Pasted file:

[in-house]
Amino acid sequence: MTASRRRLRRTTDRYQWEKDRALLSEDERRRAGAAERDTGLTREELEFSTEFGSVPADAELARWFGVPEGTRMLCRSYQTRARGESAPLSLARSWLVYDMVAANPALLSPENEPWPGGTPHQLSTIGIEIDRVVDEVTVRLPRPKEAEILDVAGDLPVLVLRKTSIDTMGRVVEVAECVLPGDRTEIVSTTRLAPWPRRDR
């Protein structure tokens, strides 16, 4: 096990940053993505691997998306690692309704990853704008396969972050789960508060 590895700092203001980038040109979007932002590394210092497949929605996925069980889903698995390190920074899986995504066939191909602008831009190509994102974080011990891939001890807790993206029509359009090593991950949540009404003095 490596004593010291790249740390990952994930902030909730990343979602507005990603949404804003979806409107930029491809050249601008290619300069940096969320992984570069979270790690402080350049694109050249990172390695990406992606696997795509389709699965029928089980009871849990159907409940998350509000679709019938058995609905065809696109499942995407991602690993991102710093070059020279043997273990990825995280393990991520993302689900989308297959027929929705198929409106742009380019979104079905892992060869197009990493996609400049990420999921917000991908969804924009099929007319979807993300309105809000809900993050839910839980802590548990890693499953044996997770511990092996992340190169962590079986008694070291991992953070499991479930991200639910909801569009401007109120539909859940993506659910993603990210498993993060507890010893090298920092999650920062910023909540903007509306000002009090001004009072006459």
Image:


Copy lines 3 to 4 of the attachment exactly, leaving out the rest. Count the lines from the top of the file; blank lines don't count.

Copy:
């Protein structure tokens, strides 16, 4: 096990940053993505691997998306690692309704990853704008396969972050789960508060 590895700092203001980038040109979007932002590394210092497949929605996925069980889903698995390190920074899986995504066939191909602008831009190509994102974080011990891939001890807790993206029509359009090593991950949540009404003095 490596004593010291790249740390990952994930902030909730990343979602507005990603949404804003979806409107930029491809050249601008290619300069940096969320992984570069979270790690402080350049694109050249990172390695990406992606696997795509389709699965029928089980009871849990159907409940998350509000679709019938058995609905065809696109499942995407991602690993991102710093070059020279043997273990990825995280393990991520993302689900989308297959027929929705198929409106742009380019979104079905892992060869197009990493996609400049990420999921917000991908969804924009099929007319979807993300309105809000809900993050839910839980802590548990890693499953044996997770511990092996992340190169962590079986008694070291991992953070499991479930991200639910909801569009401007109120539909859940993506659910993603990210498993993060507890010893090298920092999650920062910023909540903007509306000002009090001004009072006459």
Image: